Resurrection Sunday, 08 April 2012.
Photo credit and thanks to: Elijah de Jesus 🙂
When you sing, DROP THE JAW! This is one “good habit” worth acquiring. (Unlearn faulty habits, kids.) Let your jaw unhinge quietly as you open the mouth. The action is similar to yawning.
Some people may sing the right notes but do not always possess the beauty of the full, ringing tone in the voice because they have not developed the VERTICAL sound. Yes, many singers today fall short. Sadly, even the fans have accepted the mediocrity of their “idols” and emulate these poor role models.
Many people have said Josh Groban has an angelic voice. This is very true. If you will listen as he sings the likes of “You’re Still You” and “Always” you will momentarily fall into a state of trance, to say the least especially if it is your first time to listen to him. Why is that? He captivates your ears with that pure, clean, and ringing voice so beautiful your eyes start to moisten. Look at the way he opens his mouth. That’s the way to do it. Let us take a moment to talk about it.
When we yawn, our mouths naturally open downward. This is our body’s natural (instinctive) way of opening wide our oral cavity to facilitate a wide room and passageway for the large amount of air we take in and eventually breathe out. Now, let’s learn from it. If we are to produce good sound, we must open our mouth vertically. It also provides an arch at the roof of our mouth which serve as a natural sounding board. Take a look at these images.
If I may say so (without hearing any one of their voices), these people are singing properly; at least in this one area of singing. I extensively coach my singers to sing this way. The resultant sound is a whole lot better than when singers sing otherwise-i.e., horizontally. The voice is fuller, richer, and robust.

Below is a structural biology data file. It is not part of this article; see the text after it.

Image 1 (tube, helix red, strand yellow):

The reason I brought this topic is I observe many chorale directors forsaking this very important element in singing. Surely, we are already so familiar with the use of the diaphragm, the correct posture, the enunciation of the lyrics, et. al, thus I prioritized the “vertical sound” here given that it is always neglected by the very people who should have known. But of course, time will be given for those other equally important facets of singing.
Suffice it to say that we produce better tone when we sing vertically. Conversely, singing horizontally will tighten the throat and facial muscles which could result in a strained and less full voice. Or worse, this faulty singing habit could lead to vocal problems and even to serious medical conditions. This is how a singer looks like singing horizontally. It is straining to the vocal chords.
Many singers develop nodules due to the punishment they unconsciously inflict their vocal chords. So, be warned.
Practice Makes Permanent
I remember a voice coach repeatedly remind singers and say PMP. Make it a habit to sing vertically until it becomes second nature. Even in public speaking, it is being taught, if one wants to project a commanding voice and presence. As a matter of fact, we started out speaking this way. Did you guys notice the babies/kids on the singing images? Do you think somebody taught them to sing that way? It is in fact, innate in them. As people grow, they imbibe and absorb the faulty speaking and singing styles so prevalent in today’s music industry. These need to be unlearned if one aspires to sing correctly.
So, there. My initial tips on good singing. “Vertical vowels” and “Practice Makes Permanent”.